Industry Accelerator for Healthcare with KPMG from Workday
Technology is going to be the critical enabler that provides information to executives, decision makers, and ultimately employees and staff, to help them make the most effective decisions as quickly as they can.
I'd say there's three major challenges that our health care clients are facing. The first one has to do with nursing staffing and the challenges with maintaining staff throughout the pandemic and the challenges as a result of the Great Resignation and what's followed.
The second is-- increasing supply chain costs, also as a result of the pandemic, as providers have had to shift to more local providers of their medical and surgical supplies, and the impacts that both of those challenges actually have had on their operating margins. And I'd say a third major factor has to do with changes in the reimbursement models that health care providers are facing as they shift more from a traditional fee-for-service model to more of a value-based care model.
Technology is an important role, because there are not enough people to throw at a particular problem. And so, as our health care customers scale their organizations technology is really an enabler that allows them to grow and to operate more efficiently than they could than they could without it.
Health care providers have focused the majority of their technology investments on improvements in electronic medical records with minimal investment in the core business management capabilities that these customers need in and an increase in cost for both materials and people have squeezed the margins.
The health care industry accelerator program that KPMG and Workday are developing together is really a continuation of the kind of work that we've been doing together for the past several years, to help to drive value for our health care clients.
It's about implementing more than technology. It's about helping our clients to redefine their technology investments by looking holistically at how they can impact their operating model, their business processes, their technology, and providing supporting data and analytics, they can truly transform their back-office functions.
The idea is that if we can get our customers to own and operate Workday, then they'll begin to deliver value back to the organization faster.
We worked with a large health care organization in the Northeast that needed to dramatically improve their supply chain function. They were suffering from rogue spend and a lot of purchasing that was not on purchase order. By transforming their supply chain operating model, by implementing Workday, we were able to take significant cost out of the supply chain function. In the first year after this transformation, they saved over $17 million.
The staffing challenges that health care providers have faced over the last few years are only going to continue, and it's going to be incumbent on HR organizations to develop strategies to partner with their employees and treat them with the same value that they treat their customers.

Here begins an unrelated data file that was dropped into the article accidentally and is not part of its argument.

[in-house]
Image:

There'll be continued changes in the revenue and billing models in health care. And we also expect that the cost of both people, in terms of clinical staff, and the cost of materials will continue to increase. Health care customers expect that we will engage with them, and industry accelerators are a mechanism for Workday and our software partners and our delivery Partners to communicate the way that they expect us to.
Measuring Value with the Metrics That Matter
Good afternoon, everyone, and welcome to Measuring Value at the metrics that matter. Really excited to have everyone in here with us today and hopefully everyone's enjoying their rising experience after it's been so many years since the last rising event. So, John, actually, you want to give me the clicker dial? The remote would help to move us forward in the presentation.
So first, just get started with some brief introductions. I'm Laura Self. I'm a director with KPMG. I would KPMG was the implementation partner with Laurie Children's as we did our full platform implementation. And my role on the program was the lead director. So, in charge of the overall day to day program management and coordination across the program.
John, Everyone, good afternoon. My name is John Lehman. I am the director of the Financial System Management Team at and in Robert H. Laurie Children’s Hospital. I've been with Lori for approximately two years. Prior to Laurie Children’s, I was at a different Workday customer where we implemented Workday back in 2015.
So, John loves implementing Workday so much that he said, I need to do it again really quick. As you've probably seen in all your presentations, Safe Harbor Statement. But where I'm going to jump to get us started first is just level setting a little bit on ERP implementations and a little bit of background and context on Lori.